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Contrasting Grain-based and Meat-based Diets for Dogs

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By T. J. Dunn, Jr., DVM

 

It is common knowledge and generally agreed upon by experts that dogs (and cats) are meat eaters and have evolved through the ages primarily as meat eaters. Although now "domesticated," our pets have not evolved rumens along their digestive tracts in order to ferment cellulose and other plant material, nor have their pancreases evolved a way to secrete cellulase to split the cellulose into glucose molecules, nor have dogs and cats become efficient at digesting and assimilating and utilizing plant material as a source of high quality protein. Herbivores do those sorts of things. That’s how nature is set up at this time.

 

On the other hand, some plant material such as rice, soybean meal and corn have some, although limited, usefulness in the meat eater's diet. Corn, wheat, soy, rice and barley are not bad or harmful to dogs and cats. These plant sources are simply not good choices (we do get to choose what we feed our pets, don't we?) for the foundation of a diet to optimally nourish animals what are, have been, and for the foreseeable future will be meat eaters.

 

What is the difference between grain based and meat based foods for pet dogs and cats? If you don't believe that dogs and cats are primarily meat eaters, you might as well click away now because you certainly won't believe what follows. Most of what is presented next has been derived from two excellent references on small animal nutrition: Canine and Feline Nutrition by Case, Carey and Hirakawa and Small Animal Clinical Nutrition, III by Lewis, Morris, Jr., and Hand.

 

There are 22 different alpha amino acids that mammals need for various metabolic and energy activities. Dogs and cats are able to synthesize twelve of these internally and, therefore, are required to ingest the other ten in their diets. Because these ten amino acids are necessarily acquired only through food acquisition, they are termed essential amino acids. (Refer to the list in Table 1.)

 

However, the word "essential" is misleading because all of these are essential for good health. Somebody a long time ago started referring to the amino acids that are not formed internally, and need to be eaten, as the "essential amino acids". Who says science is exact?!

 

Amino Acids Utilized by Dogs and Cats

 

"Non essential" (not required in the diet)

Alanine

Asparagine

Aspartate

Cysteine

Glutamate

Hydroxylysine

Glycine

Glutamine

Proline

Serine

Hydroxyproline

 

"Essential" (is only obtained via the diet)

 Arginine

Histidine

Isoleucine

Methionine

Phenylalanine

Tryptophan

Threonine

Valine

Leucine

Lysine

Taurine (cats)

 

Herbivores conveniently have amino acids produced to a great extent by billions of microorganisms along their multi-stomached and lengthy gastrointestinal tracts. Our furry friends, with their relatively short and simple gastrointestinal tracts, are unable to capitalize on microbe amino acid synthesis and require preformed (i.e., they can't make it themselves) amino acids (in the form of larger protein molecules) to be present in sufficient diversity in ingested food.

 

Note that cats have a few special needs that dogs to not have, such as a dietary source of a beta amino acid called taurine (to read more about this see "Cats Are Different").

 

What's in a 'Balanced' Diet

 

Fats required are easy to acquire from both plant and animal origins and are easily mixed into the diet. Everyone agrees that linoleic and (for cats) arachidonic fatty acids are necessary. (Linolenic is synthesized from linoleic both by dogs and cats). High quality fats are readily available, can be stabilized with vitamin E and vitamin C, and are fairly consistent in cost. There, that takes care of the fat in the diet. Nothing complicated to this.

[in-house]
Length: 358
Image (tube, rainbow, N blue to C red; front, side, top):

Vitamins and minerals are inexpensive, well documented as to types and amounts, and can be added conveniently to any food product. No problem here.

 

Carbohydrates are useful to dogs and cats for readily burnable fuel for all kinds of muscular and metabolic activities. Cheap and easily produced sources of carbohydrates are such items as rice, corn, wheat, barley and soy. Hmmmmmmm ... sounds like what some pet food manufacturers are commonly using as their first choice for a diet’s foundation. Some even claim these plant products to be an excellent sources of protein!

 

In their book on nutrition Case, Carey and Hirakawa list seventeen plant products including ground rice, corn, wheat, oats, barley, alfalfa and others as sources of carbohydrates. In fact, one of the benefits of carbohydrates, so say the experts, is that they are protein sparing. That is, the animal will utilize inexpensive carbohydrate sources for energy if available to the animal before the animal will utilize more expensive (a human concept!) protein.

 

So, let's add some plant material to our ideal food for the carbohydrate benefits and not confuse anybody by implying (or worse, stating) that the corn, rice or wheat is primarily a protein product. (The same authors list nineteen pet food ingredients used as protein sources. . . and ground corn, wheat, rice, oats, barley and alfalfa are NOT on that list.)

 

That takes care of the carbohydrates in our diet; we know we will use some inexpensive grains, however our diet will NOT use grain as the foundation or primary ingredient. And just so you know, dogs and cats do very well on diets with minimal carbohydrates and a preponderance of fats and high quality protein. Dogs and cats differ from humans in this respect. Remember, all aspects of human nutrition do not necessarily correspond to canine and feline nutrition.

 

Having stated that proteins can readily be used as a source of energy for dogs and cats, that carbohydrates are of much less importance than in human diet andmetabolism, we should place a major responsibility on the protein content of our ideal diet. Since we know that ten amino acids are required from dietary sources, it only makes sense that we pick a protein source that has a full spectrum of amino acids.